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Should You Buy Weibo Stock After Earnings?

Weibo's blowout Q4 sends WB stock soaring - but risks abound

By Vince Martin, InvestorPlace Contributor
wb stock

Source: Jon Russell via Flickr

Weibo Corp (ADR) (NASDAQ:WB) is soaring on Wednesday with WB stock up more than 8% as of this writing. The catalyst is a strong fourth-quarter report, in which revenue and earnings both came in well ahead of Street expectations.

The numbers support the optimism of Tom Taulli, who argued last week that investors should buy Weibo stock on the dip. And they suggest more upside, at least in the near term.

The company often called the Chinese version of Twitter Inc (NYSE:TWTR) now has roughly the same enterprise value as its U.S. counterpart – despite a larger user base and more impressive growth. WB stock still has another 6%+ left in gains to reach a new all-time high, and that seems a reasonable goal after Q4 results and Q1 guidance.

Where Weibo stock gets a bit trickier in is mid- to long-term. It does seem like Chinese regulators have been targeting the space of late. Chinese issues as a whole seem a potential selling target if the broad market again gets nervous.

Indeed, Alibaba Group Holding Ltd (NYSE:BABA), the most valuable U.S. listed Chinese stock, has dropped 13% from late January highs. And it seems wiser to own Weibo through its parent Sina Corp (NASDAQ:SINA), rather than directly.

I do think WB stock still has some upside ahead, and, again, Q4 numbers are impressive. But investors in Weibo stock at the least need to be aware of the risks.

Q4 Earnings

Certainly, the numbers don’t make Weibo stock look like a risky play. The company posted a blowout Q4. Revenue of $377.4 million rose 77% year-over-year, beating guidance of $355-$365 million and consensus estimates of a ~70% increase. Both advertising and value-added services (game fees, data licensing and other streams) rose sharply.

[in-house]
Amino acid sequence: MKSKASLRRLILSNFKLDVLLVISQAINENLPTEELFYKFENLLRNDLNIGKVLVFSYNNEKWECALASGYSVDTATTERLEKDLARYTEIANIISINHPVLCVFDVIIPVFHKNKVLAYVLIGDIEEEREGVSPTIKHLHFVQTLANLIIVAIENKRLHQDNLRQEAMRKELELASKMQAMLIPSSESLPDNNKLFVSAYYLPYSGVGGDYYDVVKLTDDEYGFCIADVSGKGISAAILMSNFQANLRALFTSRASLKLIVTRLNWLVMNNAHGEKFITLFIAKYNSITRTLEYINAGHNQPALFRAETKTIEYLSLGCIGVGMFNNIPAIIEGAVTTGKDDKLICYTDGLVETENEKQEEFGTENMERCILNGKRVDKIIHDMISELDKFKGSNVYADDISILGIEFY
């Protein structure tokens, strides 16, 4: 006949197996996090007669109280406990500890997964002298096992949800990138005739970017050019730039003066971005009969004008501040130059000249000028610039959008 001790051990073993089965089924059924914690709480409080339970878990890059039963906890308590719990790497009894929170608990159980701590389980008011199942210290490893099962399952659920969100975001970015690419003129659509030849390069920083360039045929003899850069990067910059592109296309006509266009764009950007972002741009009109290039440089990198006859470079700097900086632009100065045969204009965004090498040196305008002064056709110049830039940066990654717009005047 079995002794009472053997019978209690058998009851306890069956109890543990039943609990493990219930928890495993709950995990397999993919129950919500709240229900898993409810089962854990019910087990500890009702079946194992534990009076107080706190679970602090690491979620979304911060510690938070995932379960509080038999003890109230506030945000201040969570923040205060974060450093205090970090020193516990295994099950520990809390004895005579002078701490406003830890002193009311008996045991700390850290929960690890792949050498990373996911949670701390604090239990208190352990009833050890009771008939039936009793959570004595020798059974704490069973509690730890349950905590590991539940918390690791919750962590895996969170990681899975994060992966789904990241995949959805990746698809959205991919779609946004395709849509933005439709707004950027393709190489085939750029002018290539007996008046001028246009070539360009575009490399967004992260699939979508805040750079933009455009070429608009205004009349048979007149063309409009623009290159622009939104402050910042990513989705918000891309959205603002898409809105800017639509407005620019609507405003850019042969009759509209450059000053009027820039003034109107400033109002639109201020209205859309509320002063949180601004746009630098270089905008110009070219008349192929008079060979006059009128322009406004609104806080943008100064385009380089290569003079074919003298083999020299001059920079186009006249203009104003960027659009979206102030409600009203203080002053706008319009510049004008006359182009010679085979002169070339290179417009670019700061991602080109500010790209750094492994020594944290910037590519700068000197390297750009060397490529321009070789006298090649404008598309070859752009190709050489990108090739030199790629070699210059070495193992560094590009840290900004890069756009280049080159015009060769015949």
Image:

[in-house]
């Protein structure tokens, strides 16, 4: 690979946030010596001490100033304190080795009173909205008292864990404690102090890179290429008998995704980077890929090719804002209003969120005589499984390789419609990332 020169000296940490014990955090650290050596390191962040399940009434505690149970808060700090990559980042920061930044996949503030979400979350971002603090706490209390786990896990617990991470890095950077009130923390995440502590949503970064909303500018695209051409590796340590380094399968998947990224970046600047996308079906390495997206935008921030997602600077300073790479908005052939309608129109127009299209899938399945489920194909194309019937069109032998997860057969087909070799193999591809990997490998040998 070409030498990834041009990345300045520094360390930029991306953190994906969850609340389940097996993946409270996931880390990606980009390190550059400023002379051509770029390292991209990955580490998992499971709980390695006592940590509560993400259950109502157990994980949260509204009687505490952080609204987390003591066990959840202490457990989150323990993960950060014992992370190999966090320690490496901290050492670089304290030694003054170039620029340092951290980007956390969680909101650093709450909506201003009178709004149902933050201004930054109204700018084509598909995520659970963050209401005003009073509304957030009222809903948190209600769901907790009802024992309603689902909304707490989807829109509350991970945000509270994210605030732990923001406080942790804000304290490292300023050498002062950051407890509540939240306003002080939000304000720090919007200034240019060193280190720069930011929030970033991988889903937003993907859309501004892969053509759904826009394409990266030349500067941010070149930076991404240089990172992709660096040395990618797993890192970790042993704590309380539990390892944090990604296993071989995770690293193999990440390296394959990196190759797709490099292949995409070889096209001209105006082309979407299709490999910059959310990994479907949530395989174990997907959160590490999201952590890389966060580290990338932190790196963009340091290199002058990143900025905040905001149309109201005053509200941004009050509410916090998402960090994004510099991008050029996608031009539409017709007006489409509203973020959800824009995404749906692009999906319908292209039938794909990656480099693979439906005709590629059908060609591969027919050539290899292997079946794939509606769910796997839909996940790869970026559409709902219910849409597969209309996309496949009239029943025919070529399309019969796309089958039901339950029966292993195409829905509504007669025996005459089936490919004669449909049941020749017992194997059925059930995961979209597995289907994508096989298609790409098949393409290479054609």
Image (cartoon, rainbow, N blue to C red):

Adjusted EPS nearly doubled to $0.64, nicely ahead of Street projections for $0.58. For the full year, non-GAAP EPS rose 120% to $1.80. And revenue guidance for Q1 of $335-$345 million crushed estimates of just $303.1 million.

Fundamentally, it’s a strong quarter. And the comparison to Twitter — whose stock has soared of late — is enlightening. Twitter closed 2017 with 330 million MAUs (monthly active users), up 3.4% year-over-year.

Weibo finished with 392 million — more than 25% more than it had a year ago. And yet, backing out net cash, both companies have essentially the same enterprise value.

That would seem to set up more upside for Weibo stock unless there’s a reason its users are less valuable than those of Twitter.

The Concerns Facing WB Stock

It’s possible that’s the case. Weibo is growing faster than Twitter at the moment – but it’s also not yet as profitable. Weibo’s Adjusted EBITDA for 2017 was $471 million, against $863 million for Twitter. But backing out Twitter’s ridiculously high stock-based compensation, the figures actually are somewhat similar.

That leaves a question for investors, then. Would they rather own faster-growing earnings in China, or slower-growing earnings in the U.S.? It’s not a simple question. China’s regulators targeted Weibo’s platform earlier this month, to the point of suspending a few key services.

The pressure on social media isn’t new: Weibo has been fined in the past, as have fellow operators Baidu Inc (ADR) (NASDAQ:BIDU) and Tencent Holdings Ltd (OTCMKTS:TCEHY). But that pressure seems to be increasing, and country risk is worth considering here.

The other question is whether WB stock is the right play to own Weibo. As Dana Blankenhorn detailed back in October, Sina offers cheaper ownership of Weibo. A hedge fund is trying to unlock that value, so far unsuccessfully.

Overall, the situation is similar to that of Yahoo! and its Alibaba stake, which eventually ended with the Altaba Inc (NASDAQ:AABA) spinoff and a deal with Verizon Communications Inc. (NYSE:VZ).

What Q4 shows is that Weibo is doing a fantastic job of managing what is in its control. The business is running on all cylinders, and it is dominating the social media space in China. But investors need to keep in mind what Weibo can’t control as well. It’s there that the risks to WB stock are most prevalent – and most difficult to predict.

As of this writing, Vince Martin has no positions in any securities mentioned.

Article printed from InvestorPlace Media,

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